In the current energy transition scenario, gas represents one of the main pillars for a greener energy mix. In 2015, we presented two promising schemes to produce a challenging notional gas field located 2500 meters water depth and 300 km from shore using only subsea processing [1]. The first scheme consists of subsea gas/liquid separation, gas compression and liquid boosting for multiphase export to shore; the second, developing a subsea high-pressure dehydration system for up to 300 Bara, using adsorption, to avoid the use of a monothylene glycol (MEG) loop and export dry gas directly from subsea. Performance of desiccants at such high pressure has not been studied thoroughly and qualification was necessary.

This paper presents the proof-of-concept of a subsea dehydration technology at high pressure. Several criteria were used to evaluate the potential technologies: treatment performance, power consumption, production at varying pressure, sensitivity to feed contaminants, CAPEX, OPEX, weight & size, among others. The preferred solution was concluded to be temperature swing adsorption (TSA).

Once TSA was selected as the most promising dehydration technology, different laboratory tests were performed and several parameters were identified to screen the potential desiccants: adsorbent working capacity, water/CH4 selectivity, water adsorption energy and regeneration temperature.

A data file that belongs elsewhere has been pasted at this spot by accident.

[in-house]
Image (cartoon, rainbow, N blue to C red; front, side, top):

Finally, a pilot was built and a test matrix was run in order to prove the concept.

The adsorption, and specifically a TSA Process, was the technology selected in the first part of the study. The choice was based mainly on the energy efficiency and the technology readiness level. In the second part of this project, the feasibility of the process at high pressure (up to 300 Bara) and its application subsea were proven through experimental tests performed at a laboratory pilot.

Characterization tests and water and methane adsorption/desorption isotherms are briefly presented. Based on these results, zeolite, alumina and activated carbon adsorbents were identified. Finally, complete adsorption/desorption cycles at different pressures and temperatures were performed, proving the concept and its potential.

This is the first study proving experimentally the concept, and presenting the potential, of the TSA Process for subsea dehydration at high pressure. This is one of the subsea processing building blocks identified in many gas field architectures and it is especially required to produce remote and deep reservoirs at competitive costs.

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